standard Fort Greene Park Advocates Aim to Revive Gift of Spain Lost to Vandalism

Wilhelmena Rhodes Kelly and Ruth Goldstein stand behind the desecrated plaque site in Fort Greene Park (Photo by Matthew Taub)

Jose Nieto, Wilhelmena Rhodes Kelly and Ruth Goldstein stand behind the desecrated plaque site in Fort Greene Park (Photo by Matthew Taub)

An historic plaque in Fort Greene Park, donated by Spain at America’s bicentennial but long since removed due to vandalism, may finally come home.

Just down a path leading away from the main Prison Ship Martyrs’ Monument–erected in 1908 to our country’s first prisoners of war–lies the former spot of a plaque meant to honor 126 Spaniards who died on the prison ships along with America revolutionary-era soldiers. The Plaque was a gift of Juan Carlos of Spain, and placed at the site in 1976.

The monument in better days (Daughters of the American Revolution)

The monument in better days (Daughters of the American Revolution)

Unfortunately, it didn’t last long.

“Sadly, vandalism and the elements soon took their toll, and by the 1980s the plaque had to be removed,” said Wilhelmena Rhodes Kelly, NY State Organizing Secretary of the Daughters of the American Revolution. On both counts, she faulted the largely horizontal placement of the monument as exacerbating its desecration. Officials hope to repair the original tablet and reinstall it vertically at the site.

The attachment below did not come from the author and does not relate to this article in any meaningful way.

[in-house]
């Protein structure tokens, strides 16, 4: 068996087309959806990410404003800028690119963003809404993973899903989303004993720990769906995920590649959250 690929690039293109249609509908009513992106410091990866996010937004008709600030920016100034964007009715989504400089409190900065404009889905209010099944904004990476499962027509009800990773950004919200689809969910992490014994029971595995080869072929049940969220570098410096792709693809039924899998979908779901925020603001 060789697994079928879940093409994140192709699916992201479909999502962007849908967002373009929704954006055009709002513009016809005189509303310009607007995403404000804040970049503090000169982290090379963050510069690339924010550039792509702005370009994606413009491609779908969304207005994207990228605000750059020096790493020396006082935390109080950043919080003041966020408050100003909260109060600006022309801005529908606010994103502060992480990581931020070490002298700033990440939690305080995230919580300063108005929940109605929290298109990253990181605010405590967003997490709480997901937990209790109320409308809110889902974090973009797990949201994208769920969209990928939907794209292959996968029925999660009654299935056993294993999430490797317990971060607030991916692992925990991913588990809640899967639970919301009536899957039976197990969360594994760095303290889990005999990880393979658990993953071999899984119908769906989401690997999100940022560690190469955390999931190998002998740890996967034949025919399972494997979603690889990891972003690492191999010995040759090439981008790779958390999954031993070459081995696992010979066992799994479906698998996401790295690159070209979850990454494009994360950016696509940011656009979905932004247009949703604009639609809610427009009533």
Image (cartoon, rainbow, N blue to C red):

Borough President Adams surveys the area with Barbara Skinner (Photo by Matthew Taub)

Borough President Adams surveys the area with Barbara Skinner (Photo by Matthew Taub)

And in that regard, good news may finally be in order: the Fort Greene Park Conservancy recently received an estimate to replace the tribute. The tally is roughly $25,000, which the Conservancy and the D.A.R. hope to “crowd-fund” from the local community to finally remove the embarrassing eyesore. But for now, they simply aim to spread awareness.

The Borough President expressed his support for a restoration to take place.

“Brooklyn’s history should not be a mystery to its millions of residents and visitors; it should be front and center on display for all of us to be educated, enriched and empowered,” said Borough President Eric Adams. “The Fort Greene Park Conservancy and the Brooklyn chapter of the Daughters of the American Revolution have done outstanding work to bring this monument back to our shores, strengthening our ties with Spain and reminding us of the sacrifices made to make this great nation possible.”

Watch a short video about the monument’s current status below.

The plaque read as follows:

ON THE OCCASION OF THE BICENTENNIAL OF THE UNITED STATES OF AMERICA THIS PLAQUE IS DEDICATED BY H.M. JUAN CARLOS KING OF SPAIN TO THE MEMORY OF THOSE VALIANT SONS OF SPAIN WHO FOUGHT, SUFFERED AND DIED FOR THE CAUSE OF AMERICAN INDEPENDENCE BETWEEN 1779- 1783 AND WHOSE ASHES NOW REST PEACEFULLY IN BROOKLYN SOIL. LET IT BE PROCLAIMED THAT SPAIN RECALLS WITH PRIDE THE SACRIFICES OF THE 126 MEN WHOSE NAMES ARE KNOWN AND OF THE MANY OTHERS WHOSE IDENTITY IS LOST TO MEMORY BUT NOT TO THE TRIBUTE OF HISTORY. MCMLXXVI.

For more information, the Brooklyn Chapter of the Daughters of the American Revolution can be reached at http://www.congleton.name/BrooklynDAR/